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When Jesus brought three of his apostles to watch over him in the garden as he prayed he was inviting them into a holy mystery. Because this was mentioned in such detail it seems altogether likely that while they had seen Jesus pray they had never before been brought into such close communion with his prayer life. Imagine that night. How unusual it must have been to those who expected a triumphant King and received instead a humble carpenter’s son who lowered even this low dignity so that he could wash the feet of his chosen disciples. Already that night he spoke to them of his death and ushered one of the twelve out into the night so that some unspoken task could be accomplished. Already were they told one would betray him.  Indeed in their own way all would betray him.

Like all Passovers before bread was broken and wine poured but this too was different; this wine was the blood of the beloved rabbi, the bread his flesh. What did this mean? Then the shock, Peter boldly proclaimed his steadfast loyalty only to be rebuked. Surely he must have thought will it be me who betrays my beloved teacher? No, surely not I. I am Peter, I am a rock, the leader of the twelve, second to Jesus. But then in his heart he knew there was weakness and fear.   All the rest remained silent, lost in their own doubts.

Then came the garden and a simple request, keep watch with me. Was it fear in his voice? This teacher who laughed and loved was now sorrowful in his very heart. Trouble was heavy about him. Surely these three would never betray him, Peter must have taken consolation to be there. And yet they did betray him, each falling asleep, unable to keep watch with their friend. And here more than ever before we see Jesus as a friend. In a short while he would bear the sin of all the world, betrayed by the world, and at that moment more than anything Jesus needed his friends. And they fell asleep.

This is so like our prayer lives, we are bold in proclamation, fierce when there is nothing to lose, when we see Jesus as the anointed King we pray valiantly. But when we are called to be his friend, to keep watch we fall asleep. For most of us, the important moments in our prayer life are those quiet garden moment, when the Lord speaks to us but all too often we are asleep and do not hear him. I have often thought that what hurt Jesus most was not the lash or the crown of thorns, not the nails or the weight of his own body as he approached death, but that moment when he needed friends and we were asleep.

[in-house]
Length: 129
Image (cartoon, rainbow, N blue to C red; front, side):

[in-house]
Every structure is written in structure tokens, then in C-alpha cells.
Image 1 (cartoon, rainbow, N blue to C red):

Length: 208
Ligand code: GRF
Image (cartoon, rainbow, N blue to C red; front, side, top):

Are you sleeping now?


Too often people pick up the Bible with an eye towards judging its, weighing it against what we believe, or want to be true. But in reality, we are judged by the Bible. How can we be judged by a mere book? The answer is the Bible is no mere book. The Bible, unlike other religious texts is not simply a moral guide, or a set of doctrines. The Bible is God. The Bible is Jesus Christ.  There is an incarnational quality to the Bible that must not be denied. What we read as moral rules in the text are in fact direct revealed moral orders, order here being used in the sense of an ordered system. When we remember that we are people of the Book, we need to recall that that book is a living thing itself, not an icon of a distant god, but god incarnate in the narrative. When we read of the various relationships in the Bible we are deep reading THE relationship between man and God. Deep reading here is meant to convey something beyond comprehensive reading, it is experiential reading, reading so deep that we become the story and the story becomes us. For this reason when are called to live in Christ we are being called to live in  the story of the Bible.